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I'm looking at the distribution of income data examining the differences between two different surveys.

I've computed medians, means std etc.

Two other measures I've used are Kurtosis and Skewness.

For my Kurtosis value I've gotten 2112.81 and skewness 40.69.

I assume that my large kurtosis value would indicate that my data has a heavy tail and outliers?

And skewness value would be expected to be positive given income cannot be negative?

Any input about interpretations would be great.

I'm not particularly worried about values as I'm not hypothesis testing etc. but more examining the data.

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Your interpretation is correct: High kurtosis indicates outliers. You have rare individuals in your data set with extreme income, as is typical for these type of data. I would suggest drawing a normal q-q plot to visualize the distribution more clearly. The histogram is also useful, but keep in mind that the outliers will distort the horizontal scale, making it difficult to see the actual shape of the distribution. So if you report the histogram, also report the histogram "zoomed in" so you can see how the distribution of the main body of the data looks.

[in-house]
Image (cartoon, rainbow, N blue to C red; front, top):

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When dealing with quantities like wealth and income, it is usual to analyse these on a logarithmic scale and describe the distribution of their logarithms (in this case, the log-income). Both wealth and income tend to accrue exponentially (e.g., accruing compound interest) and so they have extreme positive skewness and high kurtosis when put on an ordinary scale. I would suggest you start by making a density plot of data on a logarithmic scale (i.e., a density of the log-income data) and see what this looks like. If this is close to a normal distribution then the income follows a log-normal distribution. If it still has non-normal skewness or kurtosis then a different distribution may be in order, but I doubt it will be far from this.

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